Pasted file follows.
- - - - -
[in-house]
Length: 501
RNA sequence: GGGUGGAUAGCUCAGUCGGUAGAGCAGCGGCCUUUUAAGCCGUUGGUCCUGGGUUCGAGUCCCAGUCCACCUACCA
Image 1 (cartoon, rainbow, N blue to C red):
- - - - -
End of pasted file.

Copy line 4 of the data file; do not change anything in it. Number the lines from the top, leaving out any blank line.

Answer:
Image 1 (cartoon, rainbow, N blue to C red):